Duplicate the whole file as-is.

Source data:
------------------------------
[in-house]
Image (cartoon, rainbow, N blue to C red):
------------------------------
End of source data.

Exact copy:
[in-house]
Image (cartoon, rainbow, N blue to C red):